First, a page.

BY BEV BACHMANN
This is an excerpt from a novel-in-progress called, Treachery. Copyright is held by the author.
ELAINE RICHARDSON was tired, deeply tired. Maybe she should give up teaching after all and just take it easy like the many she had known who went for early retirement. There was so much of the world she hadn’t yet seen. The Galapagos. Thailand. Italy. Some of her couple friends had pestered her to go on exotic trips with them, but that was when her husband was still alive, and she had to politely decline. The man just wasn’t into travelling. He liked his creature comforts too much to spend endless hours waiting in airport terminals, or to come home incapacitated by a three-day bout of diarrhea, courtesy of some nasty tropical bug.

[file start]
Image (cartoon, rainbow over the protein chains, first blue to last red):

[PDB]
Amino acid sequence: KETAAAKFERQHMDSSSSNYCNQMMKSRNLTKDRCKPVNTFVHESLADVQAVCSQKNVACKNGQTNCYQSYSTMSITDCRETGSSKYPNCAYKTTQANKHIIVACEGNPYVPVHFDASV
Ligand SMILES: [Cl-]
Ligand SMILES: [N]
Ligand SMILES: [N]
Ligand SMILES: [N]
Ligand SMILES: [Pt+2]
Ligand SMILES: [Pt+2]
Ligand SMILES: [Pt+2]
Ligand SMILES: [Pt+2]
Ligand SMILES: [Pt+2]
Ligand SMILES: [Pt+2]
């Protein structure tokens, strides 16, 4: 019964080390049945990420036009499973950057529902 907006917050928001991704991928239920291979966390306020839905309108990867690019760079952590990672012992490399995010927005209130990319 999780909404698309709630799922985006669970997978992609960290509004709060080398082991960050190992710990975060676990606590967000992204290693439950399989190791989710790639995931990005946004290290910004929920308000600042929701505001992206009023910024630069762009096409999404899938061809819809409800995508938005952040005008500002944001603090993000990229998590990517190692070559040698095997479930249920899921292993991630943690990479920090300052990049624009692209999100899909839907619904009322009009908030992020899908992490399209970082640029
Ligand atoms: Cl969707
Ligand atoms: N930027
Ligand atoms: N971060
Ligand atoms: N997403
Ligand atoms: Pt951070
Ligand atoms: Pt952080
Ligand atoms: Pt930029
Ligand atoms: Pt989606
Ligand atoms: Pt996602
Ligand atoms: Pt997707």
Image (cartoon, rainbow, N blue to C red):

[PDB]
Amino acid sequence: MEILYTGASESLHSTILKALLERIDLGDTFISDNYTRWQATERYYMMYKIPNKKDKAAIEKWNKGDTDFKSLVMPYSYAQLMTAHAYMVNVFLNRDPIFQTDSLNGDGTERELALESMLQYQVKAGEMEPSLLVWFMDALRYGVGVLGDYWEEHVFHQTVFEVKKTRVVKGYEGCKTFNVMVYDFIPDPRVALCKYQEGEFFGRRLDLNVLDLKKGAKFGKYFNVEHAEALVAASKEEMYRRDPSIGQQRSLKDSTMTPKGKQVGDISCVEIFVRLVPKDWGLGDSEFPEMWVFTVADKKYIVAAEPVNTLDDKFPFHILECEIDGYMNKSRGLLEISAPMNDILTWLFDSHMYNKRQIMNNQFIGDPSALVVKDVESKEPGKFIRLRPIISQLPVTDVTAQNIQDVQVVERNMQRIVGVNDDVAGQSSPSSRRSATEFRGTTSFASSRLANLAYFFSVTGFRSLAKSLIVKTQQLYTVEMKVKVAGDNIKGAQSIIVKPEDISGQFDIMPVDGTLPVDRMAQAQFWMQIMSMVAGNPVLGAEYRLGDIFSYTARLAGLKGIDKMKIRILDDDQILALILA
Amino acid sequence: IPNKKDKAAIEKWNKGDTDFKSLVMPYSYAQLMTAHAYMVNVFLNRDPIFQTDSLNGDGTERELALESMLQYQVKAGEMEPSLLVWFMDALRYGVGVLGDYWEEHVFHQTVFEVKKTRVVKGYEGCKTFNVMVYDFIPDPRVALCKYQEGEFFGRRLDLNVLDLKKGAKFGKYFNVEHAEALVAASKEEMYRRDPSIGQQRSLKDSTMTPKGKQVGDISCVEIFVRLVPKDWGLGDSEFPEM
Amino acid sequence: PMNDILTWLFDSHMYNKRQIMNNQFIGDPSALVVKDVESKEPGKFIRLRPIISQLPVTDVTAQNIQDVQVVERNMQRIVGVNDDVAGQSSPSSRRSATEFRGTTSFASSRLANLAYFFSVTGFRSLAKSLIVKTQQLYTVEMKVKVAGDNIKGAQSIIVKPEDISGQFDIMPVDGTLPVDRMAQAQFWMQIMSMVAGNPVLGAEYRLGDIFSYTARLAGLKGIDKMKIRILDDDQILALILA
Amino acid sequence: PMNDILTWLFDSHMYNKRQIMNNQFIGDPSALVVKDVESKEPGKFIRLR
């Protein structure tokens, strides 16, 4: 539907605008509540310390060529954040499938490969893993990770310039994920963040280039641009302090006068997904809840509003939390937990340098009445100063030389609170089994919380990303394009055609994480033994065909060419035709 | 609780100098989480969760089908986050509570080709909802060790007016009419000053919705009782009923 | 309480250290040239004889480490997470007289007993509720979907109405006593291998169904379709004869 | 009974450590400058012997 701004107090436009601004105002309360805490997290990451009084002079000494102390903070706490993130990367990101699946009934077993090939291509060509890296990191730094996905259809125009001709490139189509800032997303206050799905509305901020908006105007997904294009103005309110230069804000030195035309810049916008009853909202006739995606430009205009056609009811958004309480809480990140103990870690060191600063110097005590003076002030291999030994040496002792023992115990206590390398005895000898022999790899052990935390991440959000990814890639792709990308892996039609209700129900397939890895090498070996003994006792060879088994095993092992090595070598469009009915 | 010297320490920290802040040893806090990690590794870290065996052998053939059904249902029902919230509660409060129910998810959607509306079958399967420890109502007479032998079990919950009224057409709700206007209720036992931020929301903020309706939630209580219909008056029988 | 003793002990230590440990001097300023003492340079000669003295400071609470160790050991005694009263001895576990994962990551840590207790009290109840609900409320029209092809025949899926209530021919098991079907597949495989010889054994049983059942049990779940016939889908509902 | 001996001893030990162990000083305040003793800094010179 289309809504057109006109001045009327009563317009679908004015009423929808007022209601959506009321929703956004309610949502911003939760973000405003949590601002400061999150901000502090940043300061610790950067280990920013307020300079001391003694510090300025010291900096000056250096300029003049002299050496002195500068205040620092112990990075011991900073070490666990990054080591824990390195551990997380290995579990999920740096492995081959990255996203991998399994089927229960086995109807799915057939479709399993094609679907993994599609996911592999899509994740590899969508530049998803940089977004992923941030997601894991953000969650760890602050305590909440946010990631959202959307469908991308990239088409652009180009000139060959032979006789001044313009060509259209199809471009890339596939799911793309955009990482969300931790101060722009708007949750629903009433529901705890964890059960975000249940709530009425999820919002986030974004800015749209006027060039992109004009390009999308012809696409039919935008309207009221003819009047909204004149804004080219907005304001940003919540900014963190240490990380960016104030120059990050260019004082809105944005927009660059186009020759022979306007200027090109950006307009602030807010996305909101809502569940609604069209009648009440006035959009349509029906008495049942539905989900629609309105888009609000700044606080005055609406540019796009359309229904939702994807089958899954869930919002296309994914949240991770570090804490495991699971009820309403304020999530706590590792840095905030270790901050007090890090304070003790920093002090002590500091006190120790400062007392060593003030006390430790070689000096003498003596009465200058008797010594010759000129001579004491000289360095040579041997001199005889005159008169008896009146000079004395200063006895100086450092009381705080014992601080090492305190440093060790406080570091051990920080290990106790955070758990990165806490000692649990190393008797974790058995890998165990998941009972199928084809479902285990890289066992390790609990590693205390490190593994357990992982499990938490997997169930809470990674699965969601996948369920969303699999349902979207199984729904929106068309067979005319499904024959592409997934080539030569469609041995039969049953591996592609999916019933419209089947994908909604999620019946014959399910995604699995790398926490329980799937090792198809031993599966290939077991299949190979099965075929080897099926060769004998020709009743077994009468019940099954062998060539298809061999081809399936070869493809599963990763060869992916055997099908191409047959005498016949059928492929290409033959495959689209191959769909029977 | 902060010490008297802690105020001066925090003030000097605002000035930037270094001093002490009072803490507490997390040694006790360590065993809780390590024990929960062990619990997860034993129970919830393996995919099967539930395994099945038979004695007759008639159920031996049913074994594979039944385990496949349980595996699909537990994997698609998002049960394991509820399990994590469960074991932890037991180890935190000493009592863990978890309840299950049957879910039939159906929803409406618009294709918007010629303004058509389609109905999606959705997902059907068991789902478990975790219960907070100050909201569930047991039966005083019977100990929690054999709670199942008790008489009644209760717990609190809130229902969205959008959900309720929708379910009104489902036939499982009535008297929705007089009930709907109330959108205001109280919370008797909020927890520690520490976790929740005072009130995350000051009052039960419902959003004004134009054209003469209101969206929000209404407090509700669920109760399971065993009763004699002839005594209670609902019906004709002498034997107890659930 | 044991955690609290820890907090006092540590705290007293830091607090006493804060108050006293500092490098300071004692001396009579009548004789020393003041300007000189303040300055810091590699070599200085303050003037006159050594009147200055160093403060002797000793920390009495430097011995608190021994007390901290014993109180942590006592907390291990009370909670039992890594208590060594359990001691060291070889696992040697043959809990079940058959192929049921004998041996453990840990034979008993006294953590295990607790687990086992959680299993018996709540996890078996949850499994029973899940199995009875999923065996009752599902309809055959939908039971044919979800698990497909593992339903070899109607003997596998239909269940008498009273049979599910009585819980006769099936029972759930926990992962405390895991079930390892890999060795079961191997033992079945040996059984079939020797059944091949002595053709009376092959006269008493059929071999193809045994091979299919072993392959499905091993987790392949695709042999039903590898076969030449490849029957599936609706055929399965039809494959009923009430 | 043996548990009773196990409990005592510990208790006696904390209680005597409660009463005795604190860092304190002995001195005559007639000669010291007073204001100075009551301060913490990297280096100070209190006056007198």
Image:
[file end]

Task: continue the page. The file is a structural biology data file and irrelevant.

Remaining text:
So, in the end Elaine stayed put — in her house, in her job and, most importantly, in her marriage. And the fact was she didn’t really mind. Life can be most pleasant when one knows what to expect from day to day. It might get a little dull now and then, but that was a small price to pay for safety.
Elaine shuddered at the word. It was something she had taken for granted for so long that she forgot what it felt like not to be safe. And then, one day, she had casually thrown safety away as if being safe was nothing more than a matter of convenience — a simple little non-essential one could take or leave, like a pack of gum stored in one’s purse.